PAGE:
• We videoed our supporters at face-to-face meetups, asked them why they wanted to get involved, asked them for ideas, told them about our plans, asked if they thought they were good ideas. Asked them how we could raise the money we needed to launch the project. Asked them who our trustees should be.
  • We also listened online (and still do)
  • And when Lucy and Brian went to Uganda to structure the project and write the business plan, they posted a video every day of their progress and journey and asked for feedback. The groundswell of support and interest was overwhelming.
  • The conversation didn ’ t end there, in fact it continues every day on Facebook, the website and Twitter. The dialogue is genuine. We are a community, everything we do revolves around our community and the connections we make through it.
  • But of course every charity needs money. Social channels facilitate engagement but do they drive donation? The big question on everybody ’ s lips. Well yes. I am not sure you can separate the channels that work and those that don ’ t. It is all part of our core objective. By giving our supporters a way of connecting with us, with each other, sharing the successes and the failures, they reward us with not only love and time but money too. That ’ s not to say that every donation is made online as a result of an interaction with twitter or facebook or via our “ give ” page. In fact only a slice of funds are donated online. Much of the money is raised offline … wine and cheese parties, curry nights, golf days, clothes sales, donation boxes, running events, abseiling challenges etc. People doing what they enjoy doing with their friends and raising money at the same time. We rarely supply fundraising packs or direction. We always say thank you though and recognise their support.
  • We do however try to do things differently behind the “ give ” button. We feel our donors deserve a little fun, humour and creativity in return for their generosity. Our one-off donations are made on an interactive, tweeting brick wall hooked up to an ecommerce backend. Built of course by a group of kind and willing volunteers.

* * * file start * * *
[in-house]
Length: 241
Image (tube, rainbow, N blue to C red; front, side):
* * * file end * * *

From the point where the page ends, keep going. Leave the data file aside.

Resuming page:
• Again our values are upheld. Every brick is equal. Doesn ’ t matter if you pay £2.50 (minimum due to admin fees) we are so grateful for your donation. The average donation is approximately £40
  • We also launched a baby shower using the online site “ shopify ” . We encourage supporters to buy gifts for occasions like Mother ’ s Day, Christmas etc. for their loved ones. These items are genuine items needed by our babies, mothers and centres.
  • Of course we like to show you where your money goes … On our blog and Flickr
  • This is to prove social channels do work. Joey was abandoned in a public taxi park when he was just four weeks old. Before we set up our Baby Abandonment Project, Joey would doubtless have spent his life in an institution. Instead, after just six weeks with us in Malaika, Desire and George, a wonderful Ugandan couple, adopted him. After his terrible start, he was finally cherished by a loving family and had a wonderful future ahead of him. Then disaster struck. On Monday night, we found out that Joey is suffering from critical stenosis of his pulmonary artery – and it was only a matter of time before he would suffer cardiac failure. It seems he is already a true miracle baby – we discovered that since his birth, Joey ’ s heart has been relying solely on the temporary structures that are necessary for babies in the womb. These should have closed up within days of his birth, but they have somehow remained open, and are currently the only things keeping him alive. We launched an appeal on Just Giving, hoping we could go some way to raising the £10,000 we needed to send Joey for life-saving care. Then another miracle happened – you raised the entire amount in 38 hours.
  • This is what makes it real … We ’ ve just had our first birthday and these are all the babies we ’ ve provided care for

Transcript

  • 1. Digital Communications Conference How we used digital to build and inspire our communityKirsty Stephenson, Digital Strategy and Project Planner, Child’s i Foundation
  • 2. Plenary 2:How we used digital to build and inspire our community